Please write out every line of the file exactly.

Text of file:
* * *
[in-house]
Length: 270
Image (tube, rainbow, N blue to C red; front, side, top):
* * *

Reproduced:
[in-house]
Length: 270
Image (tube, rainbow, N blue to C red; front, side, top):